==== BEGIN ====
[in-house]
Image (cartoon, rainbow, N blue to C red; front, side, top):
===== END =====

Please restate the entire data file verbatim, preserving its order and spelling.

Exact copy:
[in-house]
Image (cartoon, rainbow, N blue to C red; front, side, top):